Ginny Ruffner
Tower of Fruit and Flowers, 1995
Glass, oil and enamel paint
Racine Art Museum, Gift of Dale and Doug Anderson
Photography: Michael Tropea, Chicago

Hot Stuff from the Hothouse: Floral Images from RAM’s Collection

January 18 – May 25, 2009

This show exemplifies RAM’s intent to successfully show graphics and paintings together with artworks in craft media. In this case, all the works are unified by floral subject matter. The symbolism of flowers—lilies for purity, colors of roses communicating different emotional messages—is part of both folklore and painting traditions. Tulips had such an effect on 17th century Holland, that they not only inspired many Dutch still life paintings, they also touched off an economic disaster. The mania caused by the speculative selling of these bulbs, as well as their frequent depictions in art of the colonial age, show their impact on society and culture as newly traded goods.

The theme for this RAM exhibition is partly inspired by Watercolor Wisconsin 2008 at RAM’s Wustum Museum of Fine Arts. Now in it’s 42nd year, this annual statewide competition has made Racine a center of watercolor activity in the Midwest. Many works in each year’s competition are devoted to floral subject matter—both realistic and abstract.

Many paintings appearing in Hothouse were actually purchased for RAM’s permanent collection from past Watercolor Wisconsin competitions. This tradition continues. One of this year’s purchases is a floral piece by Kitty Sturrock entitled Spidermum and Alstroemeria, which won the Rufin and Mary Ann Naczinski Purchase Award and is among four other pieces that will be added to RAM’s collection

MORE ABOUT THE EXHIBITION

Press Room

Hot Stuff from the Hothouse: Floral Images from RAM’s Collection

January 18 – May 25, 2009
Ginny Ruffner
Tower of Fruit and Flowers, 1995
Glass, oil and enamel paint
Racine Art Museum, Gift of Dale and Doug Anderson
Photography: Michael Tropea, Chicago

This show exemplifies RAM’s intent to successfully show graphics and paintings together with artworks in craft media. In this case, all the works are unified by floral subject matter. The symbolism of flowers—lilies for purity, colors of roses communicating different emotional messages—is part of both folklore and painting traditions. Tulips had such an effect on 17th century Holland, that they not only inspired many Dutch still life paintings, they also touched off an economic disaster. The mania caused by the speculative selling of these bulbs, as well as their frequent depictions in art of the colonial age, show their impact on society and culture as newly traded goods.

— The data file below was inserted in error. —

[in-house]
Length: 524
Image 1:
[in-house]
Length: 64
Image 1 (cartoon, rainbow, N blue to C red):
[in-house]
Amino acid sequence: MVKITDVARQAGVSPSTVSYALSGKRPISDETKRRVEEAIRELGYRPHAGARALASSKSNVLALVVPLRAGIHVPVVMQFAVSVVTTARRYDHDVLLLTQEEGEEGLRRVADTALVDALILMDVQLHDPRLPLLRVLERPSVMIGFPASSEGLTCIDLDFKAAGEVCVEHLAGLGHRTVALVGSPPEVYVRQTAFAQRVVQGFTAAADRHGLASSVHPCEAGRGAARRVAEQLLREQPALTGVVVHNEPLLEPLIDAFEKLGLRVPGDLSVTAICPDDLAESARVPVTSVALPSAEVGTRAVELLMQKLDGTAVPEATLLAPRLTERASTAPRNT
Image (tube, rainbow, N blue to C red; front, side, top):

The theme for this RAM exhibition is partly inspired by Watercolor Wisconsin 2008 at RAM’s Wustum Museum of Fine Arts. Now in it’s 42nd year, this annual statewide competition has made Racine a center of watercolor activity in the Midwest. Many works in each year’s competition are devoted to floral subject matter—both realistic and abstract.

Many paintings appearing in Hothouse were actually purchased for RAM’s permanent collection from past Watercolor Wisconsin competitions. This tradition continues. One of this year’s purchases is a floral piece by Kitty Sturrock entitled Spidermum and Alstroemeria, which won the Rufin and Mary Ann Naczinski Purchase Award and is among four other pieces that will be added to RAM’s collection

MORE ABOUT THE EXHIBITION

Press Room

Gallery of Work

Exhibitions at RAM are made possible by:

Platinum Sponsors

Anonymous
Nicholas and Nancy Kurten
Windgate Foundation
Wisconsin Department of Administration

Diamond Sponsors

Osborne and Scekic Family Foundation
Ruffo Family Foundation

Gold Sponsors
Anonymous
David Charak
Silver Sponsors
A.C. Buhler Family
Andis Foundation
Lucy G. Feller
Ben and Dawn Flegel
Ron and Judith Isaacs
Johnson Financial Group
Bill Keland
Dorothy MacVicar
RDK Foundation, Inc.
Bronze Sponsors

Anonymous
Susan Boland
Virginia Buhler
Cotsen Foundation for Academic Research
Educators Credit Union
Fredrick and Deborah Ganaway
William A. Guenther
Tom and Sharon Harty
Andrea and Tony Hauser
The Norbell Foundation
Bill and Mary Walker

Love Art?  You’ll Love RAM!

The mission of the Racine Art Museum is to exhibit, collect, preserve, and educate in the contemporary visual arts. Stay up-to-date about special events as well as support the mission of the largest contemporary craft collection in America:

RECEIVE RAM NEWSLETTERS
BECOME A MEMBER
DONATE NOW